Interferon γ signaling alters the function of T helper type 1 cells

Gregory Z. Tau, Thierry Von Der Weid, Binfeng Lu, Simone Cowan, Marina Kvatyuk, Alessandra Pernis, Giorgio Cattoretti, Ned S. Braunstein, Robert L. Coffman, Paul B. Rothman

Research output: Contribution to journalArticlepeer-review

Abstract

One mechanism regulating the ability of different subsets of T helper (Th) cells to respond to cytokines is the differential expression of cytokine receptors. For example, Th2 cells express both chains of the interferon γ receptor (IFN-γR), whereas Th1 cells do not express the second chain of the IFN-γR (IFN-γR2) and are therefore unresponsive to IFN-γ. To determine whether the regulation of IFN-γR2 expression, and therefore IFN-γ responsiveness, is important for the differentiation of naive CD4+ T cells into Th1 cells or for Th1 effector function, we generated mice in which transgenic (TG) expression of IFN-γR2 is controlled by the CD2 promoter and enhancer. CD4+ T cells from IFN-γR2 TG mice exhibit impaired Th1 polarization potential in vitro. TG mice also display several defects in Th1-dependent immunity in vivo, including attenuated delayed-type hypersensitivity responses and decreased antigen-specific IFN-γ production. In addition, TG mice mount impaired Th1 responses against Leishmania major, as manifested by increased parasitemia and more severe lesions than their wild-type littermates. Together, these data suggest that the sustained expression of IFN-γR2 inhibits Th1 differentiation and function. Therefore, the acquisition of an IFN-γ-unresponsive phenotype in Th1 cells plays a crucial role in the development and function of these cells.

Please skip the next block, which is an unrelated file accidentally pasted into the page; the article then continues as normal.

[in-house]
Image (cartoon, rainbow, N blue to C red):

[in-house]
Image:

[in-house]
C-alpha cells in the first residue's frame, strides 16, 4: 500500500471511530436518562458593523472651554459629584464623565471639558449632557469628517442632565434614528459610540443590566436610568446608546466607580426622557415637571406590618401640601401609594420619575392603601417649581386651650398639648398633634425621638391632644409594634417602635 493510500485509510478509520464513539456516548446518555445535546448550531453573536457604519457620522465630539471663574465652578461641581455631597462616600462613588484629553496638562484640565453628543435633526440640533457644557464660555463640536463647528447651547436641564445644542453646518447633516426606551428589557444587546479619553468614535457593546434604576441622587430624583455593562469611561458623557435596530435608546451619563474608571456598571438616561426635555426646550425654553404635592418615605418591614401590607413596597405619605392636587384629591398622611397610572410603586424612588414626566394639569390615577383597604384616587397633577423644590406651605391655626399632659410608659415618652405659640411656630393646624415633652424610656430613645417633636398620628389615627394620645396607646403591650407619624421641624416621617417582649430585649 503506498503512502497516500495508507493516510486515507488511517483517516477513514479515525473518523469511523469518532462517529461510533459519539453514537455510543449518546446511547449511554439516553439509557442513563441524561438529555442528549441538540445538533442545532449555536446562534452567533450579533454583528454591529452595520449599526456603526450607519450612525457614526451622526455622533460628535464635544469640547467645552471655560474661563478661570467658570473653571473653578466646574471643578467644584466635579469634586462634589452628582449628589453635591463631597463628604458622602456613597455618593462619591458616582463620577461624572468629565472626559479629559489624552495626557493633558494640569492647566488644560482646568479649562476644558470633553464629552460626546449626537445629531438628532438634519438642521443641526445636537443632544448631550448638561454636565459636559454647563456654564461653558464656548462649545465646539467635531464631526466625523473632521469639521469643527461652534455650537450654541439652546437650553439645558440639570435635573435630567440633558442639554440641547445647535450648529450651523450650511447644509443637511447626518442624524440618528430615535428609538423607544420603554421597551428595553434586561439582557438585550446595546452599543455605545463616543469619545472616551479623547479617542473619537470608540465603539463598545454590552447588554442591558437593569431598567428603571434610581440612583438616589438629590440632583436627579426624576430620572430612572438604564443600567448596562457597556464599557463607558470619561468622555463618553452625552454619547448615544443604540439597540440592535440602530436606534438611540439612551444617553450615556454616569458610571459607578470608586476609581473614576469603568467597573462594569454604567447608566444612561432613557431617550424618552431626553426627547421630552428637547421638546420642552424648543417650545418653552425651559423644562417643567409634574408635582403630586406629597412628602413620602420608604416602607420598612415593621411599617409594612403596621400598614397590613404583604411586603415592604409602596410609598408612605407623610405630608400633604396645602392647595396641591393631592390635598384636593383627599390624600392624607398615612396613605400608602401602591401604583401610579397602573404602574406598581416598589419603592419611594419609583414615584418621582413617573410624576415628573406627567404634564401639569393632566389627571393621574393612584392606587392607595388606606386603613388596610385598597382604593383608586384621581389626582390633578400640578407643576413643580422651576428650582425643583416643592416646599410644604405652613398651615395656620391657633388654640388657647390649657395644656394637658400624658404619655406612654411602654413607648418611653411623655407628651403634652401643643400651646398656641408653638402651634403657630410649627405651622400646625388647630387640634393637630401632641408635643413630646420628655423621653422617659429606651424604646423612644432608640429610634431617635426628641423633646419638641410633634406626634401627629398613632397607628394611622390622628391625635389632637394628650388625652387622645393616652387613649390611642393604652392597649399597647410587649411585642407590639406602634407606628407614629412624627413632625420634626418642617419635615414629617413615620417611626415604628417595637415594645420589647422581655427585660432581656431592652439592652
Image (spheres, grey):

Original languageEnglish (US)
Pages (from-to)977-986
Number of pages10
JournalJournal of Experimental Medicine
Volume192
Issue number7
DOIs
StatePublished - Oct 2 2000
Externally publishedYes

Keywords

  • Cytokines
  • Hypersensitivity, delayed
  • Interferon receptors
  • Interferon type II
  • T helper type 1 cells

ASJC Scopus subject areas

  • Immunology and Allergy
  • Immunology

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